Being a mom is tough. It’s natural for us to feel overwhelmed and frustrated some days. Dealing with temper tantrums, sick kids, runaway dogs, burned dinners, missed meetings, and late school projects causes the pressure of family life’s never-ending tasks, needs, and wants to build over time. It is no wonder that all moms get angry sometimes.
But good moms don’t get angry, right? Or is that just what we have been taught to believe? So we stuff all those frustrations down until, one day, we snap over something minor, like dirty clothes on the floor. We have believed the myth that good moms don’t get angry and that anger is a “bad” emotion.
Anger can often rear its ugly head, leaving moms feeling overwhelmed, guilty, and unsure of how to create a harmonious home environment. But what if I told you that anger can catalyze positive changes? It is possible to be an angry mom and still have a happy home. Let’s find out how!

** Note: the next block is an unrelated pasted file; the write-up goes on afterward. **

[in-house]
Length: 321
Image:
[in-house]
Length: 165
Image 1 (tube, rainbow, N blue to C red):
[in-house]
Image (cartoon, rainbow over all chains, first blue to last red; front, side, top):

As we dive into the truth about anger, we will debunk the myth that good moms don’t get angry. The guilt and shame we feel over our anger prevent us from learning how to manage it. The American Psychological Association explains, “Anger is often regarded as negative; we’re taught that it’s all right to express anxiety, depression, or other emotions but not to express anger. As a result, we don’t learn how to handle it or channel it constructively.”
The reality is that being mad isn’t bad. Anger is a natural and healthy emotion God gave us so that we can protect ourselves and respond to injustice. The truth is that good moms do get angry, and feeling angry isn’t bad. My friend Renee, a licensed clinical social worker, taught me that emotions are information that tells us something. Our anger is an excellent indicator of our mental health.